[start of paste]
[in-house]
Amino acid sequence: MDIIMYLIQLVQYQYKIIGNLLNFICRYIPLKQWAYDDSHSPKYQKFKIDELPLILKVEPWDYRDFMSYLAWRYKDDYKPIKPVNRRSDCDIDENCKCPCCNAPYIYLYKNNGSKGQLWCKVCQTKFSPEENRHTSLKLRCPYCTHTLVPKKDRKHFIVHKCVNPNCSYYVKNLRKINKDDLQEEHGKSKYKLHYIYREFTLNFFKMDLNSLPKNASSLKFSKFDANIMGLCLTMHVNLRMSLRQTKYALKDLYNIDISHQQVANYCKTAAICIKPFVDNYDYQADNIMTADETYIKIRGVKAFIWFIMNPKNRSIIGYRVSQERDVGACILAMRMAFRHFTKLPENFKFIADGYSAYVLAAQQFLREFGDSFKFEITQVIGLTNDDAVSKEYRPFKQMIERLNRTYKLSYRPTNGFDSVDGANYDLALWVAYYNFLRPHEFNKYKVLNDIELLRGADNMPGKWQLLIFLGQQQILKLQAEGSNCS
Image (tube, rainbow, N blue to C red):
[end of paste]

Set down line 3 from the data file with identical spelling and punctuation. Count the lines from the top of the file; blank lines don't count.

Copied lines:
Image (tube, rainbow, N blue to C red):